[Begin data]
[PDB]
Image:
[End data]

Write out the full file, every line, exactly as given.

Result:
[PDB]
Image: